Wearable Tech Converts Body Heat to Electricity
Researchers at NC State have developed a new design for harvesting body heat and converting it into electricity for use in wearable electronics. The experimental prototypes are lightweight, conform to the shape of the body and can generate far more electricity than previous lightweight heat-harvesting technologies.
Wearable thermoelectric generators, or TEGs, generate electricity by making use of the temperature differential between your body and the ambient air. Previous approaches either made use of heat sinks—which are heavy, stiff and bulky—or were able to generate only one microwatt or less of power per centimeter squared.
The new technology developed at NC State generates 20 times more energy without using a heat sink, which makes it lighter and more comfortable, says electrical and computer engineer Daryoosh Vashaee.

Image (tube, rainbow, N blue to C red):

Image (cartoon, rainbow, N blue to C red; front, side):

The new design begins with a layer of thermally conductive material that rests on the skin and spreads out the heat. The conductive material is topped with a polymer layer that prevents the heat from dissipating through to the outside air. This forces the body heat to pass through a centrally located TEG that is one centimeter squared. Heat that is not converted into electricity passes through the TEG into an outer layer of thermally conductive material, which rapidly dissipates the heat. The entire system is thin—only 2 millimeters—and flexible.
“We can easily make it larger, depending on a device’s power needs,” says Vashaee, who worked on the project as part of the National Science Foundation’s ASSIST Center, with Melissa Hyland, a graduate student in civil engineering, and Haywood Hunter, an undergraduate in electrical and computer engineering.
This article was originally published by NC State News.